Friday, 17 August 2018

Keep young by learning

Anyone who stops learning is old, whether at 20 or 80.
Anyone who keeps learning
is young
Henry Ford
I have just started on the FutureLearn course "Psychology and Mental Health" being run by the University of Liverpool and decided I would mention it on this blog - because not only is it interesting - but I find it personally invigorating to be in a learning situation interacting with lots of other students, of very different backgrounds.

The first thing I did was to select the above quotation - and almost immediately I got a new email - it was the British Psychological Society Research Digest.
And what was the headline article - a blog post "Do people with a high IQ age more slowly." The blog relates to a paper behind a pay wall which I can't access entitled "Higher IQ in adolescence is related to a younger subjective age in later life: Findings from the Wisconsin Longditudinal Study."
I particularly like the observation "Perhaps a higher IQ, which helps us to process complex information more easily, also increases our curiosity about the world, and it’s that sense of wonder and excitement that can make us feel more youthful."
This really sums up why I enjoy doing FutureLearn courses and while, at 80, I am still actively interested in research. If I ever loose my sense of curiosity  or fail to get excited when I learn something new I am sure I would loose the will to live.

Thursday, 2 August 2018

In prison for being mentally ill?

An article "Research into the Mental Health of prisoners, digested" in today's British Psychological Society Research Bulletin interested me because it is clear that many people in prison have mental health problems and there is a real danger that if someone who is mentally ill is put in prison punishing them it will not help anyone if they are treated in a way that makes their mental illness worse.
The subject interests me because there is a link to the picture in the heading of this blog which shows someone trapped behind the screen of a laptop trying to break out. It is meant to represent the way that we are all becoming trapped, in one way or another, by the way that computers control the way that society works. However it also is a personal reminder of what happened to my daughter Lucy, In 1984 she spent some time as a patient in a psychiatric hospital. Shortly after her discharge, but still an outpatient, she became hyperactive, and was asked to stop attending the rehabilitation class as she was disturbing the others, Shortly afterwards her behaviour became so extreme that it came (rightly) to the attention of the police, Because a doctor ruled she was "not mentally ill" she ended up on remand in "The Muppet House" in Holloway prison. She was transferred to a psychiatric hospital, badly damaged by the experience, shortly after the Court of Appeal had ruled, in the case of the young mentally ill lady in the next cell, that the NHS should not use prisons as a dumping ground to save money. Lucy killed herself a year after her arrest thinking that she must be really wicked to have ended up being treated so abominably. I was shattered by these events - and my post traumatic stress disorder was one of the main reasons why I abandoned my CODIL research.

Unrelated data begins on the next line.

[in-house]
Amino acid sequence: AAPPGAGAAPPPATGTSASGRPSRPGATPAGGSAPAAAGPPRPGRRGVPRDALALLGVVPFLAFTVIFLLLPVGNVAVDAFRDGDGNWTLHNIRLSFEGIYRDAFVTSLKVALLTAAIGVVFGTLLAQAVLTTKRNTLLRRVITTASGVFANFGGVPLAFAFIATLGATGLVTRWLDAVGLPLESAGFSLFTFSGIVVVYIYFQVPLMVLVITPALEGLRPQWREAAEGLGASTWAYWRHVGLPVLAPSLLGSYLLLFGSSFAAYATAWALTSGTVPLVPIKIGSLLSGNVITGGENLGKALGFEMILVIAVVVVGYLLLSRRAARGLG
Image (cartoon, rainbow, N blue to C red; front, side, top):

Friday, 8 June 2018

If you have the M C 4 R gene
When you grow you'll be fat and not lean
A drug li_rag_glu_tide
Your excess weight will hide
And you'll eat much less food as a teen

The Melanocortin 4 Receptor (MC4R) is a key regulator of body weight. People with genetic mutations tend to gain weight from early childhood. The main clinical feature in MC4R deficiency is hyperphagia (an increased drive to eat) as well as impaired satiety (not feeling full after a meal).

Saturday, 2 June 2018

Trapped by the Banks - How accessible is your money?

We are becoming increasingly dependent on online banking. In the small town where I live there were three banks three years ago. HSBC was the first to close and the building is now a restaurant. Barclays closed their bank last year and the building is still empty. In a couple of weeks time NatWest closes its doors for the last time. While there will be cash machines at the local supermarket and the Post Office (with its already long queues) is likely to remain, anyone wanting a bank will have to travel at least 5 miles or be forced to go online.
Of course, when everything is working smoothly, online banking can be very convenient, and using credit and debit cards means you rarely need cash, except for the most trivial purchases. But of course the real world is a complex place and things do not always work as planned.
Yesterday there was a problem with Visa cards all across Europe - where attempted payments were being refused. As one hungry customer complained on twitter "Just had my card declined at McDonald. Went out fuming like a  panda only to be turned down by KFC too. Who knew that Visa had so much control on our hard earned cash." At supermarkets customers with a full trolley of goods were having to leave empty-handed - but it was the retailer who had the real problems at restaurants and petrol stations as the customer had already got the goods before it was discovered they were unable to pay. There were also problems at the Severn Bridge where drivers were unable to pay the toll fees. Another complication was that cash machines were still working and so many people rushed to get cash that many of the machines ran out of money.
Visa processes most of the debit cards for a wide range of banks, and it seems that the cause of the fault was comparatively simple. When a customer wants to make a payment the retailer's machine send a message to a Visa computer to check that the  payment is valid and then send a message back. Due to a hardware fault the message was not being sent back correctly so the retailer's machine rejected the transaction. What is not clear to me is whether the money transaction went through - and the customer was charged and retailer paid before the corrupted "transaction OK" message was sent out. I am sure we will hear more of this ...